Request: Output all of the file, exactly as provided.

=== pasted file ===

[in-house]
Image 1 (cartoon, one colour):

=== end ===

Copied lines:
[in-house]
Image 1 (cartoon, one colour):